The Supreme Court has noted that at times, decisions are taken acting on equity and such decisions should not be overturned under Section 34 of the Arbitration and Conciliation Act, 1996 (A&C Act) on the ground that the arbitrator’s approach was arbitrary or capricious.

The Court was deciding a civil appeal filed by Batliboi Environmental Engineers Limited (BEEL) challenging the judgment of the Bombay High Court whereby it allowed the appeal filed by Hindustan Petroleum Corporation Limited (HPCL) under Section 37 of the A&C Act and thereby set aside the arbitral award.

The two-Judge Bench comprising Justice Sanjiv Khanna and Justice M.M. Sundresh said, “An award based on little evidence or no evidence, which does not measure up in quality to a trained legal mind would not be held to be invalid on this score. Every arbitrator need not necessarily be a person trained in law as a Judge. At times, decisions are taken acting on equity and such decisions can be just and fair should not be overturned under Section 34 of the A&C Act on the ground that the arbitrator’s approach was arbitrary or capricious.”

The Bench further said that an award is against justice when it shocks the conscience of the court, as in an example where the claimant has restricted his claim but the arbitral tribunal has awarded a higher amount without any reasonable ground of justification.

Advocate E.C. Agrawala represented the appellant while Advocate Sanjay Kapur represented the respondents.

Brief Facts -

On acceptance of tender and in terms of the letter of intent, HPCL had awarded to BEEL the turnkey contract for detailed engineering including civil and structural design, supply, and erection, testing and commissioning of 23 MLD capacity Sewage Water Reclamation Plant in Mahul Refinery area. The contract value was Rs. 574.35 lakhs and the period was of 18 months, and accordingly the work was to be completed by August 28, 1993. There was delay in completion and on written requests made by BEEL, the time for completion was extended on two occasions. BEEL carried on the work till 1996 and thereafter, it abandoned the work. Hence, 80% of the work was complete and BEEL made a formal claim to HPCL for breach of contract on account of delay in execution, causing extra expenses and losses.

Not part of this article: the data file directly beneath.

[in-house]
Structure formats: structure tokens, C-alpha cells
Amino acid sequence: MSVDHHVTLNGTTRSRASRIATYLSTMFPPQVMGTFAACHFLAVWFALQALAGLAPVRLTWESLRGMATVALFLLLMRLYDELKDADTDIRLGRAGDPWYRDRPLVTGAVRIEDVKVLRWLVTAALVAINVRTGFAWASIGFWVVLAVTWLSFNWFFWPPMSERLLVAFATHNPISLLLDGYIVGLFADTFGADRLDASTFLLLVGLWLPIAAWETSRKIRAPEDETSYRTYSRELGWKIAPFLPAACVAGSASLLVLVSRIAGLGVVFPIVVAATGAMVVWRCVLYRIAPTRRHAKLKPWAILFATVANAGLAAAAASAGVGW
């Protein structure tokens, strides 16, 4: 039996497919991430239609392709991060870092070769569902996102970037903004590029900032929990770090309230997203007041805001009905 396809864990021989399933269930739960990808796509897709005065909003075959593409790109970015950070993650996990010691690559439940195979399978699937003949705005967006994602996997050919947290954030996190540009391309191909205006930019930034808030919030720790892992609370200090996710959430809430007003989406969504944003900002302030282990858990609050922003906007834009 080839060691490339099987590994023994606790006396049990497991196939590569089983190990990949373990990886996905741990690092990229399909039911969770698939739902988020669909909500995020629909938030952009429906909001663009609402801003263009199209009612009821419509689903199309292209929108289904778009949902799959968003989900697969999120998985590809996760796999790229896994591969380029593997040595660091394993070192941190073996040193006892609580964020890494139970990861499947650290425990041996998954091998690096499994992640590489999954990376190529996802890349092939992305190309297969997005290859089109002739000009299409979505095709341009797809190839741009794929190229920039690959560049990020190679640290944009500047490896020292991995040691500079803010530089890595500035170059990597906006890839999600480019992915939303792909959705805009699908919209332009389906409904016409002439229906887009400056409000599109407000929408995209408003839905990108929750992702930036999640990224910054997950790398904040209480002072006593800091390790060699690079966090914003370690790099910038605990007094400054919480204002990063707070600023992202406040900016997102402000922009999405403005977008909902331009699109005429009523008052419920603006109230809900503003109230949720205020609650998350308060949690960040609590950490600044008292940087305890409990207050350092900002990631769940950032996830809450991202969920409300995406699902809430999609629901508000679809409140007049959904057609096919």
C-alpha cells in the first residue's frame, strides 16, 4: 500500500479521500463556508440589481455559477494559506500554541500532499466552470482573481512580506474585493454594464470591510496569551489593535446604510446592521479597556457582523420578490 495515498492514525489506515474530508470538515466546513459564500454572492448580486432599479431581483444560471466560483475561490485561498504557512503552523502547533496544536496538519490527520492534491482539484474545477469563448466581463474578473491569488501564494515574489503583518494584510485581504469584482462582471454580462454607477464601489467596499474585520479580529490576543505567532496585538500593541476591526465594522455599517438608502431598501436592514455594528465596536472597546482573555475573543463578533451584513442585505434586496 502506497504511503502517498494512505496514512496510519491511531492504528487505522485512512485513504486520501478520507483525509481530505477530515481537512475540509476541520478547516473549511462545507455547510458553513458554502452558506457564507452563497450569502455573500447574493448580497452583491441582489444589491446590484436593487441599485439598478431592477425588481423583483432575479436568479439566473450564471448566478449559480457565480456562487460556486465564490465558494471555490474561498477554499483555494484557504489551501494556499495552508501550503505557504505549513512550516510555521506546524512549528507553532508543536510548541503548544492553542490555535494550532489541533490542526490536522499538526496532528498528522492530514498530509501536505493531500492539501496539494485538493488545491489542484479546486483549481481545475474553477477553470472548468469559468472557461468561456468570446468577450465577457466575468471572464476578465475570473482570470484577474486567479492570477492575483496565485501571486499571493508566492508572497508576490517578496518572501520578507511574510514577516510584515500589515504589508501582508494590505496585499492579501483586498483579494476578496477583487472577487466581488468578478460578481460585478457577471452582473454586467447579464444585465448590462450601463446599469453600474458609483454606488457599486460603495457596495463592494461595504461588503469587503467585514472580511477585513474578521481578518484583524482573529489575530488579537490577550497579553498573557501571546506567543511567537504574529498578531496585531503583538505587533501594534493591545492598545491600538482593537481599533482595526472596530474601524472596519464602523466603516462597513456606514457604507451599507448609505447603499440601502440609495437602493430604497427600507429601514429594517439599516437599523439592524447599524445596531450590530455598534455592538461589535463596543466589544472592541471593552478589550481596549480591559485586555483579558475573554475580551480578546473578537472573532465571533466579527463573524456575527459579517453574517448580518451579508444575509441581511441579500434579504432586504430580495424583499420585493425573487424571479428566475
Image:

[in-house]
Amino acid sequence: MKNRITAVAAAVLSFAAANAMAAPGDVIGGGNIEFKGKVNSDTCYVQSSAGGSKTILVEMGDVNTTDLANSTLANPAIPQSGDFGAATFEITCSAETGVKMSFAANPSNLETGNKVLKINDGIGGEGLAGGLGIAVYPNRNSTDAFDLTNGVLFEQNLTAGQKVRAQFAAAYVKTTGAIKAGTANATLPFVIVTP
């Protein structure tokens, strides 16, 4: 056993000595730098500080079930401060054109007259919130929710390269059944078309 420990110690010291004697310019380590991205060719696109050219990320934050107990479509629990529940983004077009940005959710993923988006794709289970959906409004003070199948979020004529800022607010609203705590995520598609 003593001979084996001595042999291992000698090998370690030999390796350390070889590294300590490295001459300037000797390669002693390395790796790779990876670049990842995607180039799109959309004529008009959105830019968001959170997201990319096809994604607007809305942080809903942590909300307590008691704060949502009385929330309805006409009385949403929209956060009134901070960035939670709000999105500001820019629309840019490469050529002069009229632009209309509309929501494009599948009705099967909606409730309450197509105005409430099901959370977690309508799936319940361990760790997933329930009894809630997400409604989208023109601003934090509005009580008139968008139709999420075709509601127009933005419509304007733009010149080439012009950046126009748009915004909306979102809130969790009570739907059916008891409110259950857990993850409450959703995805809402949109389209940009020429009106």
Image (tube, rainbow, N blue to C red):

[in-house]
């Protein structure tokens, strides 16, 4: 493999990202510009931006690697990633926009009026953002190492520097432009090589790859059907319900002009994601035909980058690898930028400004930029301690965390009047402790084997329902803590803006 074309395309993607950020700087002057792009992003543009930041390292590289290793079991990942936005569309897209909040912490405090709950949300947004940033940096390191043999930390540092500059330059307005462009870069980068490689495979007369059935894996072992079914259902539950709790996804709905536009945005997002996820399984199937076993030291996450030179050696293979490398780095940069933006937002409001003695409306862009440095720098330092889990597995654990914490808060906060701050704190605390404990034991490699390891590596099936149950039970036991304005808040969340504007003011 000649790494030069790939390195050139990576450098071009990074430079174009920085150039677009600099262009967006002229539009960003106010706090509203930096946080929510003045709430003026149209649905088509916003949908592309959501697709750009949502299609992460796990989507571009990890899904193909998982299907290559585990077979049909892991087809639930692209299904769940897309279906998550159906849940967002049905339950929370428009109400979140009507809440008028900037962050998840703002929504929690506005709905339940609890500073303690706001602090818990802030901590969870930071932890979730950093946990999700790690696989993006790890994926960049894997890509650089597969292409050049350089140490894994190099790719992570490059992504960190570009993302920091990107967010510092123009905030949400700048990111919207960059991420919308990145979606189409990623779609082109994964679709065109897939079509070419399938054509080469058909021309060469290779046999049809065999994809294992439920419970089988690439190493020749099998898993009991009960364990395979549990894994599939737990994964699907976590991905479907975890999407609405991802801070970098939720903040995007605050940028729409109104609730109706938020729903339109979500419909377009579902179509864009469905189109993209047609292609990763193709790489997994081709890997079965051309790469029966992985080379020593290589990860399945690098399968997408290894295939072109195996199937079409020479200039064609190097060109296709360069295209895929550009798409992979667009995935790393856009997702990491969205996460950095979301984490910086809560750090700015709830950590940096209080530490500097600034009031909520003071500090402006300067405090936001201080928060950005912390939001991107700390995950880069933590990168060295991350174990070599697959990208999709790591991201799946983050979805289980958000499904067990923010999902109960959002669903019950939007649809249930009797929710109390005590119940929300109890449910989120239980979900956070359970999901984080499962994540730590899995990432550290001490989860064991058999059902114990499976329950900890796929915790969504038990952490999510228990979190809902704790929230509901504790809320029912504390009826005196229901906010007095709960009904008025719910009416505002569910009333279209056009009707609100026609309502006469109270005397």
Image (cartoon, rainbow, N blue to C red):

By the letter, BEEL sought an advance payment and simultaneously expressed its desire to resolve the dispute through conciliation. It also invoked the arbitration clause in the contract, if the proposal as given by it was unacceptable to HPCL; however, HPCL refused to make payment, and relying on the terms of the contract had impressed upon BEEL to resume and complete the remaining work, even if the matter was to proceed for arbitration. BEEL did not agree and resume work. A Sole Arbitrator was appointed and the arbitral award substantially allowed the claims of BEEL and dismissed the counter claim of HPCL for liquidated damages of Rs. 57.40 lakhs, on the ground that the delay was caused by omissions and commissions of HPCL. However, the High Court set aside such an arbitral award aggrieved by which, BEEL filed an appeal.

The Supreme Court in view of the above facts observed, “Referring to the third ground of public policy, justice or morality, it is observed that these are two different concepts. … Morality would necessarily cover agreements that are illegal and also those which cannot be enforced given the prevailing mores of the day. Here again interference would be only if something shocks the court’s conscience.”

The Court said that the arbitrator has the right to construe and interpret the terms of the contract in a reasonable manner and such interpretation should not be a ground to set aside the award, as the construction of the terms of the contract is finally for the arbitrator to decide.

“The award can be only set aside under this sub-head if the arbitrator construes the award in a way that no fair-minded or reasonable person would do. … the award has been rightly held to be unsustainable and set aside by the division bench of the High Court exercising power and jurisdiction under Section 37 read with Section 34 of the A & C Act”, added the Court.

Accordingly, the Apex Court dismissed the appeal and upheld the judgment of the High Court.

Cause Title- Batliboi Environmental Engineers Limited v. Hindustan Petroleum Corporation and Another (Neutral Citation: 2023INSC850)

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